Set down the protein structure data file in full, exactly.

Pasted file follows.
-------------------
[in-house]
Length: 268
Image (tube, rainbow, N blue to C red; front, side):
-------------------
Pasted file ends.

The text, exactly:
[in-house]
Length: 268
Image (tube, rainbow, N blue to C red; front, side):